Mitakuye oyasin. It’s a Lakota phrase that means “all my relatives,” and it’s used to express the sense of common humanity that binds all people together. For EDC’s Stephanie Autumn, mitakuye oyasin is a byword, guiding her work with tribal communities across the country.
A member of the Hopi Nation, Autumn is director of EDC’s Tribal Youth Training and Technical Assistance Center, a federally funded agency that works across the self-governing American Indian communities throughout the United States to improve juvenile justice systems and health programming for youth.
“Indian country is largely invisible to the rest of the country,” says Autumn. “Our reservations are located in the most remote regions of the United States, and young people here face some tough challenges.”
Building a team
The center’s work is critical. The suicide rate for American Indian youth is more than twice the national average. Rates of drug and alcohol abuse and incarceration among this group of young people also lead the nation. Federal efforts to improve conditions for these young people have been stymied by a lack of understanding between the government and tribal leaders.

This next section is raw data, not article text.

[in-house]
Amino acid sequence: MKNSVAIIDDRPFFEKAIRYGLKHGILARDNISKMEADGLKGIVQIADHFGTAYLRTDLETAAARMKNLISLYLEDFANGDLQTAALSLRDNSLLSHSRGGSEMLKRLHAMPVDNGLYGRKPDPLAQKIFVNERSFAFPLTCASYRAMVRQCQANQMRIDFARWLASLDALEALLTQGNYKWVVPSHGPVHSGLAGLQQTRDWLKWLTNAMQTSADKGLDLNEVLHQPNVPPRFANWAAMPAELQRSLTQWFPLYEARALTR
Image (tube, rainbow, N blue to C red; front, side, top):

But Autumn, who has more than 25 years of experience developing education programs for tribal youth, is in a unique position to direct the center. She has built a team of six technical assistance providers, all of whom live and work in tribal communities, and together, they bring deep knowledge of the community and high levels of credibility to their work with tribal leaders.
Center staff help leaders of 90 tribes across 23 states develop successful health promotion programs for young people. Through site visits, e-mail and phone consultation, and peer-to-peer training, they provide assistance on everything from program start-up to evaluation and sustainability planning.
“All the work we do is relationship-based,” explains Autumn. “Leaders here know they can trust us to work as a team.”
Photography courtesy of OJJDP
Originally published on October 24, 2008